This may be the common rustic (Mesapamea secalis) and it is, indeed, a widespread and common species from June right through until October but you are unlikely to see it! The reason may be obvious when you look my photograph and see that you chances of finding it in the day time are very slim as it is so well camouflaged that it can rest on a tree trunk or in scrub and you would never know it was there. It is attracted to light so you may see it at rest on your window.
The colouration of this species can vary considerably from pale brown through to almost black but the rusty colour seems to be the one I have most often in my moth trap. What ever the main colour of the fore-wing the wight mark and the white dots on the curved wing edge are always quite clear.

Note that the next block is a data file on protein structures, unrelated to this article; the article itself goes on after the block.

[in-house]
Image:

There are actually three species, the common rustic, lesser common rustic and Remm's rustic which are indistinguishable without the use of magnification and, as regular readers of my nature notes know, taking specimens and looking in that degreee of detail is something I do not do so let us just accept that this is probably what I say it is as it is the most common of the three and if it is not then we will never know.
The larvae feed on grasses and overwinter as a pupa.Mesapamea secalis: the common rustic